Rules clarified for driving in left lane

Not intended to encourage speeding, but should cut down on passing on right, says Transportation Minister Todd Stone

New signs are being put up on B.C. highways to keep left lanes clear for passing.

Drivers must vacate the left lane when a vehicle comes up behind them, unless they are passing another vehicle, avoiding debris on the road, allowing traffic to merge from the right, preparing to turn left or passing an official vehicle stopped on the highway.

That will be the rule any time when the speed limit is 80 km/h or higher and traffic is moving at more than 50 km/h, under changes coming to the Motor Vehicle Act.

Hogging the left lane and holding up traffic is already a ticket offence, but one that police found difficult to enforce due to the wording of the legislation, said Transportation Minister Todd Stone. The fine continues to be $109 for inappropriate use of the left lane.

Stone said slow drivers in the left lane are a big frustration, prompting drivers to pass on the right, which is also illegal. The changes are not intended to encourage people to exceed the speed limit in the left lane, he said.

Amendments tabled in the B.C. legislature Monday also aim to clarify the province’s roadside driving prohibition law, after court challenges. That law gives police powers to impound vehicles and suspend driving privileges for up to 90 days after a driver blows a “warn” level of blood alcohol on a roadside screening device.

The “immediate roadside prohibition” program took effect in 2010, effectively replacing most impaired driving charges with administrative penalties, including a three-day driving ban and a $200 administrative fee for those who register between 0.05 and 0.08, if the police officer has reason to believe the driver is impaired.

 

Just Posted

Schools placed in ‘hold and secure’ following RCMP incident

An incident in the community cause all three local schools to be… Continue reading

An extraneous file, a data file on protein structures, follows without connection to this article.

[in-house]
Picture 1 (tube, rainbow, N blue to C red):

EDITORIAL: Gillette ad challenges men

Recently, Gillette changed their logo and put out a two-minute ad, all… Continue reading

Bear’s Paw Heights sparks public commentary

A public hearing for rezoning at Bear’s Paw Heights, on Selkirk Hill,… Continue reading

Nourish: One appointment can have lasting effects

By Sarah Wegelin “If we want to heal, we have to make… Continue reading

Rockets defeat Rebels and Thundercats

The Golden Rockets took on the Castlegar Rebels January 11 on home… Continue reading

Students seen mocking Native Americans could face expulsion

One 11-minute video of the confrontation shows the Haka dance and students loudly chanting

May plans next move in Brexit fight as chances rise of delay

Some say a lack of action could trigger a ‘public tsunami’

Group challenges ruling for doctors to give referrals for services that clash with beliefs

A group of five Canadian doctors and three professional organizations is appealing

Major winter storm wreaks havoc on U.S. travel

Nearly 5,000 flights were cancelled Sunday around the country

CONSUMER REPORT: What to buy each month in 2019 to save money

Resolve to buy all of the things you want and need, but pay less money for them

Want to avoid the speculation tax on your vacant home? Rent it out, Horgan says

Premier John Horgan and Sheila Malcolmson say speculation and vacancy tax addresses homelessness

UPDATE: B.C. woman and boy, 6, found safe, RCMP confirm

Roseanne Supernault says both she and her six-year-old nephew are fine and she has contacted police

PHOTOS: Women’s Marches take to the streets across B.C. and beyond

Women and allies marched worldwide protesting violence against women, calling for equality

Anxiety in Alaska as endless aftershocks rattle residents

Seismologists expect the temblors to continue for months, although the frequency has lessened

Most Read